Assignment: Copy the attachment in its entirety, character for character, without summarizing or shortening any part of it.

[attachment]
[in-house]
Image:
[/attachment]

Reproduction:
[in-house]
Image: